A Scholar’s Odyssey: Ezekiel Fajenyo’s Critical Study of Dzukogi’s Writings

by Paul Liam

by Paul Liam

There has been a conspicuous absence of active and mainstream criticism and engagement with the corpus of Nigerian literature, creating a huge gap in the literary firmament. Today, reference is often made to the glorious days of Nigeria’s literary criticism: the golden era of Biodun Jeyifo, Charles Nnolim and Abiola Irele’s generation when the book industry still had a viable structure and education was not a protracted dream. The atrophy of literary criticism today is due to the obvious decadence that has permeated every fabric of the Nigerian experiment.

Nevertheless, there is consistent effort to sustain the practice of criticism even amidst hostility from the literati. African Writer Magazine, The Lagos Review, The Village Square Journal, The Nigerian Review, Brittle Paper, Praxis Magazine Online, Ebedi Review, Konya Shamsrumi and Afapinen are some of the important platforms reviving the culture of literary criticism in Nigerian, nay, African literature today. Of course, literary pages in several Nigerian dailies like The Sun Review, Daily Trust, The Nation, Blue Print, etc. remain the traditional foot soldiers in the sustenance of literary criticism today. However, very little is done to engage these platforms in appropriating their various contributions to the discourse of literary criticism in contemporary Nigerian writing.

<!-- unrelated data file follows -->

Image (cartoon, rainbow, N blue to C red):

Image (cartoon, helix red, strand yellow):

Although, not often talked about in mainstream literary discourse, scholarly publications run by Departments of English and Literary Studies in tertiary schools have remained steadfast in their commitment to the culture of literary criticism. Perhaps, the most unrecognised contributors are independent critics who belt the responsibility of understudying the literary oeuvre of individual authors. They mostly work in isolation and publish their studies on authors and their writings in book form. Ezekiel Fajenyo belongs to this group of critics and has been publishing books on Nigerian authors for several decades.

The focus of this review is his 2010 book A Critical Study of Dzukogi’s Writings (Kraft Books). The 300-page book is a critical evaluation of BM Dzukogi’s writings—the thematic preoccupation and philosophy, style and biography. The book summarises Dzukogi’s writing life in four chapters, an interview with the writer, and an index section. It is a thorough dissection of Dzukogi’s writing life and influences, from his poetry to prose, polemics, anthologies, mentorship, and literary activity. Fajenyo presents Dzukogi in an authentic oeuvre that has never before been presented to readers.

The book begins with chapter one subtitled “Introduction,” chronicling Dzukogi’s birth, childhood, family history, education and work. Chapter two, subtitled “Poetry Without Tears: Dimension and Functionality,” is a detailed analysis of Dzukogi’s poetry, exhuming the soul of Dzukogi’s poetic aesthetics and idiosyncrasy. Chapter three is “The Short Stories: Aesthetics and Growth,” an evaluation of Dzukogi’s prowess as a fiction writer with focus on his collection of short stories Potholes in My Dreams. And chapter four, “The Breadth of the Essays,” is a dissection of Dzukogi’s essays and monographs published over the course of his writing career, dating over a decade as at the time the book was published. An “Interview” is featured as an addition but not as a chapter; it provides extra testimony from the horses’ (Dzukogi’s) mouth about his life and writing. For example, talking about the specific influences that impinged on his sensibility in his early stage in life, Dzukogi recounts how him and other children stole books from students of Ahmadu Bahago Teacher’s College, Minna during holidays. He remarks, “I must confess that we were breaking into their lockers when nobody was watching to specifically pick books. You dared not pick any other thing because your parent will ask you where you got them.”